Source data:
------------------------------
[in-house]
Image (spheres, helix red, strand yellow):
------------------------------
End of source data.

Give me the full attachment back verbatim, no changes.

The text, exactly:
[in-house]
Image (spheres, helix red, strand yellow):